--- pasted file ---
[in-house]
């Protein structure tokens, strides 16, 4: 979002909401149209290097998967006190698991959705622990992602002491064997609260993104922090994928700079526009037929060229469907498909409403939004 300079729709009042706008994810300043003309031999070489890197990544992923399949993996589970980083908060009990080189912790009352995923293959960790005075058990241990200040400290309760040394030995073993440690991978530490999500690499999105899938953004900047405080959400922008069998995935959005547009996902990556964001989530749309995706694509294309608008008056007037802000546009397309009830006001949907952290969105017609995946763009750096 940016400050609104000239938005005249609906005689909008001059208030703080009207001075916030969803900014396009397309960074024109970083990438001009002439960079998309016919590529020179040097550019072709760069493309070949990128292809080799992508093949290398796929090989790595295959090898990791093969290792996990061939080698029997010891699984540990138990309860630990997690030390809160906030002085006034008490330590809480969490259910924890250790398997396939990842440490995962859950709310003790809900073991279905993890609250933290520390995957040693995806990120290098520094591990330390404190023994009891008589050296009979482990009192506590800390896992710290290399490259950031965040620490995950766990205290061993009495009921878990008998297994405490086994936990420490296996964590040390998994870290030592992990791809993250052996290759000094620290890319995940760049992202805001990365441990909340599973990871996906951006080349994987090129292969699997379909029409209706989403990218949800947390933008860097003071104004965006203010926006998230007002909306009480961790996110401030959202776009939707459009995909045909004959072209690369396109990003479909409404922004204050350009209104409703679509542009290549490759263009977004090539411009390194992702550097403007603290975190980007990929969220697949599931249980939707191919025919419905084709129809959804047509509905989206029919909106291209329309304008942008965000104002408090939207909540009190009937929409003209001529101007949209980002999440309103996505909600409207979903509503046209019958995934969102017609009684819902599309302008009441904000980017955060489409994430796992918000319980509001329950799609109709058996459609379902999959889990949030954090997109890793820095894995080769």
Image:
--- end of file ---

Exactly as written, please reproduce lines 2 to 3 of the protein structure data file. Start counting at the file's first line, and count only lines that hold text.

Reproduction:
């Protein structure tokens, strides 16, 4: 979002909401149209290097998967006190698991959705622990992602002491064997609260993104922090994928700079526009037929060229469907498909409403939004 300079729709009042706008994810300043003309031999070489890197990544992923399949993996589970980083908060009990080189912790009352995923293959960790005075058990241990200040400290309760040394030995073993440690991978530490999500690499999105899938953004900047405080959400922008069998995935959005547009996902990556964001989530749309995706694509294309608008008056007037802000546009397309009830006001949907952290969105017609995946763009750096 940016400050609104000239938005005249609906005689909008001059208030703080009207001075916030969803900014396009397309960074024109970083990438001009002439960079998309016919590529020179040097550019072709760069493309070949990128292809080799992508093949290398796929090989790595295959090898990791093969290792996990061939080698029997010891699984540990138990309860630990997690030390809160906030002085006034008490330590809480969490259910924890250790398997396939990842440490995962859950709310003790809900073991279905993890609250933290520390995957040693995806990120290098520094591990330390404190023994009891008589050296009979482990009192506590800390896992710290290399490259950031965040620490995950766990205290061993009495009921878990008998297994405490086994936990420490296996964590040390998994870290030592992990791809993250052996290759000094620290890319995940760049992202805001990365441990909340599973990871996906951006080349994987090129292969699997379909029409209706989403990218949800947390933008860097003071104004965006203010926006998230007002909306009480961790996110401030959202776009939707459009995909045909004959072209690369396109990003479909409404922004204050350009209104409703679509542009290549490759263009977004090539411009390194992702550097403007603290975190980007990929969220697949599931249980939707191919025919419905084709129809959804047509509905989206029919909106291209329309304008942008965000104002408090939207909540009190009937929409003209001529101007949209980002999440309103996505909600409207979903509503046209019958995934969102017609009684819902599309302008009441904000980017955060489409994430796992918000319980509001329950799609109709058996459609379902999959889990949030954090997109890793820095894995080769």
Image: